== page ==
A few days ago, Uttarakhand Chief Minister, Tirath Singh, went up on stage and made a comment about a woman’s choice of clothing, triggered by a fellow passenger’s choice of donning ripped jeans and travelling with children. The woman in question runs an NGO.
He said, “If such women go out in the society to meet people and solve their problems, what kind of message are we giving out to society, to our kids? It all starts at home. What we do, our kids follow. A child who is taught the right culture at home, no matter how modern he becomes, will never fail in life.”
This statement invited severe backlash on social media with most criticising his thought process. In fact, several celebrities such as Gul Panag and Navya Naveli Nanda, along with host of other netizens, posted pictures of themselves in ripped jeans as a way to express their displeasure over the remark.
As per latest reports, Singh has apologised for his remark, but reiterated that he is “not against jeans but just ripped jeans”. “The statement was made as a father. The event where I said that was about women and children. I said that since a student is at school for five to six hours and spends most of the time at home, traditions and values can be inculcated better at home,” he clarified.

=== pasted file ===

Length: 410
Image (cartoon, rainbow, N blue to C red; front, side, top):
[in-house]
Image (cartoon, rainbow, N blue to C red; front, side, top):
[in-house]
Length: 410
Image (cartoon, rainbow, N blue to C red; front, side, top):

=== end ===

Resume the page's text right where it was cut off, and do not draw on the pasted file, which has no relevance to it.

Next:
If you are a woman living in India, there is little doubt that you have, if not faced, heard about instances wherein what a girl/woman chooses to wear is reflective of her upbringing and her character. Take another statement for example, this time by Kamal Patel, farmers’ welfare and agriculture department minister in the Madhya Pradesh government. He recently said, “Women and girls are our pride and parents should stop their daughters from wearing ripped jeans for their safety. With the adoption of western clothes, the crime against women has also been increased.”
Rewind to 2019. Actors-turned-politicians Mimi Chakraborty and Nusrat Jahan, fresh off from their win (the two contested elections as Trinamool Congress representatives, and won by substantial margins) opted for western attires on their first visit to the Parliament. Even before they could begin work, they were trolled for what they chose to wear. “You should wear some Indian attire in Parliament. You are going for people not for movie promotions. And keep some respect towards your Bengali society,” a user said.
“Wear sari in Parliament. You look like a tourist there,” another wrote.
Mimi Chakraborty and Nusrat Jahan. Photo credit: Twitter
In 2014, Asha Mirje Maharashtra State Women's Commission member, had sparked nationwide outrage when said that women too were “responsible to an extent” for rape and that their “clothing and behaviour” played a part. The backlash led her to apologise saying it was her “personal opinion.”
Furthermore, in 2013, Samajvadi Party’s Abu Azmi, had mentioned that scantily-clad women attract male attention and rape cases in the country are on the rise owing to “women wearing less clothes”.
It’s 2021, but unfortunately, despite the many developments which give us an impression of ‘progress’, when it comes to women and their clothing in India, we seemed to have made little to none.